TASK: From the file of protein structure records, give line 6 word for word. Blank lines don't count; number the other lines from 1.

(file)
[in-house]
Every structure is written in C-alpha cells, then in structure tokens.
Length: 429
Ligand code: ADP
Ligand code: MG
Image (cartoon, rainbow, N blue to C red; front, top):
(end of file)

Image (cartoon, rainbow, N blue to C red; front, top):